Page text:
Stay safe outside your office.
Employees working remotely is trending upward in recent years with employers becoming more open to the concept. While having the choice of your work environment may seem like a great perk, that benefit still comes with some concerns regarding cybersecurity.
Just like you would within the four walls of an office, remote workers have a set of cybersecurity standards they should adhere to. Before you get the go-ahead to work remotely, ensure you are following these guidelines.
1. Use strong passwords.
The issue of bad passwords is brought up over and over, but it’s an issue that bears repeating.
Your password is your first line of defense against cyberattacks. The weaker the password, the easier it is for intruders to gain access. Ensure you’re using strong, hard-to-crack passwords by using a reliable password manager tool, or check your password with websites like Dashlane’s How Secure Is My Password? tool.
2. Avoid public networks.
When working from a coffee shop or restaurant, the prospect of using the location’s public WiFi can be tempting. In many cases, however, these public networks may come with little or no security, allowing customers—and cyberattackers—easy access.
Because anyone can get access to these networks, you should avoid using public, unsecured networks. Before connecting, check if the network is using WPA or WPA2 authentication (i.e., a password-protected network in which the encryption key constantly changes). That goes for your home WiFi too. Before you get permission to work from home, make sure your home network is password-protected.
3. Use a VPN.
If somehow an intruder was able to gain access to your device, shielding any information from prying eyes would be paramount.
That’s where a virtual private network (VPN) comes in handy. VPNs encrypt your browsing history, making it virtually unreadable to cyberattackers and even your internet service provider. If you and your co-workers aren’t already using a VPN on all computers, make it the new standard.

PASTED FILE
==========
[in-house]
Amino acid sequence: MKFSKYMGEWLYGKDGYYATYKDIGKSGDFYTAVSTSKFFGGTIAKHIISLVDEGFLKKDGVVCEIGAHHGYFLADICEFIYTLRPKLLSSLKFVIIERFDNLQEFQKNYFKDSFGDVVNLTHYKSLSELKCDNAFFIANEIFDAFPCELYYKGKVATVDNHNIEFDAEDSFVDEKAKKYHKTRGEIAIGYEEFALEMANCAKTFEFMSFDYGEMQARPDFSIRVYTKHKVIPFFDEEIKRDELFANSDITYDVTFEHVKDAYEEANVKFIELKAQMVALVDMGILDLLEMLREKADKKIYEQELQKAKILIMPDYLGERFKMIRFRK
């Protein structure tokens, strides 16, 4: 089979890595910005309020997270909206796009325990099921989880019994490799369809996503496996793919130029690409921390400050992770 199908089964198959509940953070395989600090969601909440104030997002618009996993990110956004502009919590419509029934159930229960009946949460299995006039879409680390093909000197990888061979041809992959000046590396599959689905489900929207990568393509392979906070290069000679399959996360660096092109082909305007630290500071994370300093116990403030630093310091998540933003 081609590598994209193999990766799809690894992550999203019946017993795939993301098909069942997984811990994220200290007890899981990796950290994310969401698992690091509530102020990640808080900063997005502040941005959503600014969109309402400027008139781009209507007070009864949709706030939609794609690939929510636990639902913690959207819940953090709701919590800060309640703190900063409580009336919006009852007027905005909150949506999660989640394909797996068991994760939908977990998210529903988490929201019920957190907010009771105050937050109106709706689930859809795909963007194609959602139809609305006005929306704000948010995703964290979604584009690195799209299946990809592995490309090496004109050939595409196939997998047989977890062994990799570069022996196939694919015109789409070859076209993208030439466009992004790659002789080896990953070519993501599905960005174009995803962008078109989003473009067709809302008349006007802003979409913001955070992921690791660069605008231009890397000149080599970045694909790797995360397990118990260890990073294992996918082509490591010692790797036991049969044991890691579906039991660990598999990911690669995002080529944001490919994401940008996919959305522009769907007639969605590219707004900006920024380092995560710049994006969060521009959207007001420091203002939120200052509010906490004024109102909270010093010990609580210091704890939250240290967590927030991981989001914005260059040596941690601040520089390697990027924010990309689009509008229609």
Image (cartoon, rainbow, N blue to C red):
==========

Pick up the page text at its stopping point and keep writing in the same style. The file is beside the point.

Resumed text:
4. Use security protocols.
Is your organization taking basic steps to improve cybersecurity? Measures like firewalls, antivirus software, and email encryption are easy to take for granted, and consequently easy to forget about.
Your work computer should already have firewalls built in, but if you’re looking for an extra layer of security with a third-party firewall software, make sure you keep it up to date. Similarly, have a reliable antivirus software installed on your devices, and more importantly, keep it updated. Finally, make sure your emails are encrypted for the same reason you would use a VPN.
5. Use 2FA.
If you’ve already taken a step to make sure your network is secure, why not take an extra step just to be sure? When you use two-factor authentication (2FA), you’re adding an extra layer of security on all login attempts. For example, when you log onto your employer’s network, you should receive a text message or a notification on your phone asking to either verify or enter a numerical code.
Using 2FA can ensure that even if your login info falls into the wrong hands, there will be a backup plan in place to ensure cyberattackers can’t gain access.
6. No personal devices.
It’s impossible for your employer to monitor what you put on their personal devices. While they can mandate what software is downloaded on company-owned devices, you can download whatever they want on your personal devices—this can include malware, if you’re not careful.
To prevent this from happening, avoid using personal devices for business.
7. Stay vigilant.
The most important factor in any cybersecurity plan is you. If you don’t know how to follow best practices, all other cybersecurity measures are moot.
Stay updated on what practices you and your co-workers should follow. Make sure you’re educated enough on best cybersecurity practices by participating in regular training exercises that teach how to recognize cyberattacks before they can happen.
What other cybersecurity steps do you take? Let us know in the comments!